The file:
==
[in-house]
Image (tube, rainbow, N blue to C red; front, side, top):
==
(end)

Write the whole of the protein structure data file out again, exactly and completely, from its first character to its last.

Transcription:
[in-house]
Image (tube, rainbow, N blue to C red; front, side, top):